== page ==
Archive

Archive for June, 2006

Precarious beauty

 
With its broad, empty beaches, wide open skies, and tidal salt marshes and reedbeds which provide a home for some of Britain’s rarest wildlife, the North Norfolk coast is a special but threatened place. Martyn Oliver explores.

The first thing that strikes the visitor to North Norfolk is how empty it is. The coastal towns and villages with their reddish-brown stone houses, often substantial and Dutch-inspired, seem to echo a quieter, more peaceful time, a time before the roar of traffic, a time characterised instead by the catcalls of gulls and the ever-present background rattle of sail-shrouds against masts.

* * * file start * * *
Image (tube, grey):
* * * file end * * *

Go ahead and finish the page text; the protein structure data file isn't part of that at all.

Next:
This reflects a paradox, a change in the national consciousness: fifty years or so ago, and especially during the first week or two of August when the hosiery mills and shoe factories of the Midlands had their annual shutdown, the whole of the East Coast from Skegness and Mablethorpe in Lincolnshire to Great Yarmouth and Caister in Norfolk would be thronged with trainloads and coachloads of holidaymakers. Now, except for the resorts of Hunstanton, Wells and Cromer, the North Norfolk coastline is more often than not deserted.

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